Legal News

Justices end suit against Gary Railcats over foul-ball injury

June 27, 2014
Dave Stafford
A fan who suffered fractured facial bones and was blinded in one eye after she was struck by a foul ball at a Gary SouthShore Railcats baseball game may not proceed with a lawsuit against the team, the Indiana Supreme Court ruled Friday.
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Reversal holds bank’s suit on repossessed vehicle filed too late

June 27, 2014
Dave Stafford
A pro se litigant won a reversal at the Indiana Court of Appeals Friday, which ruled a trial court erred when it ruled in favor of a bank seeking to collect after a vehicle repossession.
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Judicial candidates warned about campaign content

June 27, 2014
Dave Stafford
Candidates for judicial office should not use photographs of courtrooms in their campaign materials, and only incumbent judges should be depicted in judicial robes in campaign ads, according to an advisory opinion from the Indiana Commission on Judicial Qualifications.
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Ruling limits president's recess appointments

June 27, 2014
 Associated Press
The Supreme Court of the United States on Thursday limited the president's power to fill high-level administration posts with temporary appointments, ruling in favor of Senate Republicans in their partisan clash with President Barack Obama.
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Simon sues insurance companies over fatal escalator accident

June 27, 2014
Scott Olson
Simon Property Group Inc. has filed suit against two insurance companies in an attempt to recoup damages relating to an escalator accident at Circle Centre mall in 2009 that led to the death of a Texas FFA delegate.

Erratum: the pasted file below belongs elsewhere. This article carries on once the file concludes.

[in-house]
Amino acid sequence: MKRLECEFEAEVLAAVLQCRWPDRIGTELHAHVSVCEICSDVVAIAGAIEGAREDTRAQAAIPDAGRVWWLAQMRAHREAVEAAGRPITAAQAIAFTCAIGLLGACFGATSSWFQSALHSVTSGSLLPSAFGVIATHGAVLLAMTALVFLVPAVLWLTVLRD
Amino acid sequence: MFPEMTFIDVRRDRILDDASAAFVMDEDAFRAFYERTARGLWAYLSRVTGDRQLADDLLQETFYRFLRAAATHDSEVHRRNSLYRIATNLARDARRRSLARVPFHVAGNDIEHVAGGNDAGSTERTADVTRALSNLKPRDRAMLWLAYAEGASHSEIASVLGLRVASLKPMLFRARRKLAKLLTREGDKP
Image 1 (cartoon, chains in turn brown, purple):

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Indiana recouping more tobacco settlement money

June 27, 2014
 Associated Press
Indiana is set to recoup some of the money it had lost in tobacco lawsuit payouts after an agreement was reached between Attorney General Greg Zoeller and tobacco companies.
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Deed provisions are not vague, COA rules

June 26, 2014
Jennifer Nelson
Finding that the trial court erred in construing the provision of a plaintiff’s deed in a dispute over use of parking areas, the Indiana Court of Appeals reversed the finding of the existence of a prescriptive easement allowing dance academy customers to use portions of land owned by a neighboring company for ingress and egress from the academy’s property.
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COA: Bank could charge back account after check is lost

June 26, 2014
Jennifer Nelson
A man who withdrew nearly all of the money in a bank account is personally liable to pay back that money to the bank, the Indiana Court of Appeals ruled Thursday. The bank had lost a check deposited into the account and the account holder was unable to help the bank identify the check writer to obtain a replacement check.
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10th Circuit ruling pushes gay marriage closer to Supreme Court